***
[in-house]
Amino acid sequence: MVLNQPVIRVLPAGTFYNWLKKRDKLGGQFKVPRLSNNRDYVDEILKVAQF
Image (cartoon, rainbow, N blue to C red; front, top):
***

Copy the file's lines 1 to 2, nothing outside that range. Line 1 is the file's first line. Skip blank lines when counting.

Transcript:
[in-house]
Amino acid sequence: MVLNQPVIRVLPAGTFYNWLKKRDKLGGQFKVPRLSNNRDYVDEILKVAQF